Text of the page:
To gauge each candidate’s popularity, we can average the number of Facebook guests who expressed interests one of these types of events (i.e. see second column in the graph above). Although these data are noisy, these findings are in line with the primary’s forecasted outcome. 

Concluding Remarks:

In this short analysis, I have used different data points try to measure the campaign’s overall strengths and the candidates’ popularity. In reaction to Biden’s opinion that New Hampshire voters prefer New England candidates over nominees from others part of the country, this analysis shows that this is not the case. Sanders’ popularity is an outcome of his high name recognition as well as his campaign’s organizational capacities. 

It will be interesting whether the forecasts are correct. While Facebook data are not representative, they could be one way to measure and contrast candidates’ level of popularity. This is an area for further exploration and it will be interesting to see how this analysis applies to events data from Iowa or the upcoming nomination contests in Nevada and South Carolina, which require the candidates to spend some time in those states engaging voters.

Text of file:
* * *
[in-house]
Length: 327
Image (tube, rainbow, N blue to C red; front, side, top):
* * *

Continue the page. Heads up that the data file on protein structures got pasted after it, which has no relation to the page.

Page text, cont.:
Is Pete Buttigieg Surging in New Hampshire?

My Twitter feed was abuzz with videos and pictures of long lines of people waiting to see one of Pete Buttigieg’s rallies in New Hampshire.

Could Buttigieg pull off a surprise win in the New Hampshire primary? I collected all the polls conducted this year. In addition, I have calculated the average scores. To help us visualize the trends, I graphed these findings.

Here are a few quick observations:

1. Even though Buttigieg’s support has increased since his finish in Iowa, Bernie Sanders still leads by an average of 5%.